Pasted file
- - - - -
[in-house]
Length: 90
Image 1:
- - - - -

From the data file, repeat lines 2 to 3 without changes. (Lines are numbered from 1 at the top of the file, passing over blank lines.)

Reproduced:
Length: 90
Image 1: